What I can explain is that he facilitated rich discussion about balancing equations and translating the words to symbol equations. He lit a fire in his students' hearts and minds and cultivated a beautiful curiosity about elements and their oxidation states. If they had incorrect answers, they were eager to get to the bottom of it. And get to the bottom of it, they did! Instead of giving them answers immediately, he asked them questions that allowed them to extend their thinking and come to the correct answer themselves. When I asked him how he was able to get his students to be so engaged, he simply said, "I love Chemistry."
It was evident that his passion for Chemistry spread to every single student. As a result, this 10th grade class is more than prepared for their first year of Chemistry at the university level.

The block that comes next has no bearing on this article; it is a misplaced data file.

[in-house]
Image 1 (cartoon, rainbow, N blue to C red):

I asked a student, Lauren, about what she considered her most valuable experience at ISI. She described her trip to Costa Rica earlier this year, where she stayed with a host family, attended classes everyday, and had the opportunity to explore a coffee field. She expressed that the experience taught her independence and how to interact with people from different cultures. I asked her what her greatest challenge was and how ISI helped her overcome it. Prior to this year, she attended a public school and thought that she wrote fairly well. However, when she came to ISI, she discovered that most of her writing only summarized the text and her teachers challenged her to evaluate and interpret the text. She felt that her teachers really helped her develop in this area, which will better prepare her for college.